On a remote island, somewhere off the coast of Papua New Guinea, there’s a shipwreck full of cocaine. The vessel was abandoned by drug-smuggling pirates before it drifted out to sea and ran aground near the Siassi Islands: an uninhabited volcanic islet in the Vitiaz Strait. And authorities suspect that more than $50 million worth of coke could still be sitting in the hull.
It was a shark fisherman who first found the stash, on a tiny atoll in the Solomon Sea, after noticing a piece of rope that ran up out of the water and onto the beach. The man followed the cord until he reached a small stick poking out of the ground. And then he started digging.
Buried in the sand were 11 duffel bags full of packaged cocaine, believed to be destined for Australian shores. The fisherman took the multimillion-dollar haul back to his village on nearby Budi Budi Island, some 700 kilometres east of Port Moresby. And within days, a boatload of heavily-tattooed Asian gangsters arrived in the village to reclaim their drugs, as reported by The Australian.
What followed was a 400 kilometer sea chase between the modified trawler and the Papa New Guinean navy. With the aid of Australian air surveillance, PNG police eventually intercepted the vessel and arrested the suspected smugglers: six men from Hong Kong and one man from Montenegro. When officers attempted to conduct a full search of the vessel, however, they discovered it’d been booby-trapped with oil and fuel pumped throughout the engine room.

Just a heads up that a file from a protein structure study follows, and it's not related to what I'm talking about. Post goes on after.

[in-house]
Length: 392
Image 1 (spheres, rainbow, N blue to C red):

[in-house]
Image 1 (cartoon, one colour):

“Our men couldn’t get into the interior,” said regional PNG chief inspector George Bayagau. “There was diesel poured inside and there was grease all over and it made it very, very difficult.”
With the boat proving too heavy to tow, police were forced to abandon the search while they transported the traffickers to the nearby city of Alatou. Those men are set to face trial on drug charges next week. But the coke boat remains at large.
“All efforts were made to salvage the boat, but it was impossible,” said Mr Bayagau.
All that officers managed to acquire was a small amount of coke located inside a cigarette packet on the trawler. The residents of Budi Budi also held on to one packet from the stash, which contained 6 kilos of cocaine, priced at more than $1.3 million. They eventually handed it over to police.
Authorities suspect that the remaining 55 packets, meanwhile, are still onboard the boat.
The Pacific has become a hot spot for organised crime in recent years. The remoteness of the islands combined with a lack of resources for policing and border control has created an idyllic passage through which cartels can smuggle drugs, weapons, and people to places like Australia and New Zealand.
Those same factors are likely the reason why the boat full of cocaine hasn’t been properly retrieved by authorities. And that means there’s a good chance it’s still sitting out there, lost and marooned on a tropical shore.
Waiting to be found.
This article originally appeared on VICE AU.